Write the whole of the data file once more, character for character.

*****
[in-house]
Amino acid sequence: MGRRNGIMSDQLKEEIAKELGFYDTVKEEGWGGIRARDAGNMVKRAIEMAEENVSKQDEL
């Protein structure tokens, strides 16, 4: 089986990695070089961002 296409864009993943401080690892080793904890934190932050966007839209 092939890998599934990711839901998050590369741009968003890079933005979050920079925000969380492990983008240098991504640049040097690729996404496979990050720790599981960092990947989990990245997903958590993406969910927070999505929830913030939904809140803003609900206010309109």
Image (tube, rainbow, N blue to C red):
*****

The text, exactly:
[in-house]
Amino acid sequence: MGRRNGIMSDQLKEEIAKELGFYDTVKEEGWGGIRARDAGNMVKRAIEMAEENVSKQDEL
């Protein structure tokens, strides 16, 4: 089986990695070089961002 296409864009993943401080690892080793904890934190932050966007839209 092939890998599934990711839901998050590369741009968003890079933005979050920079925000969380492990983008240098991504640049040097690729996404496979990050720790599981960092990947989990990245997903958590993406969910927070999505929830913030939904809140803003609900206010309109």
Image (tube, rainbow, N blue to C red):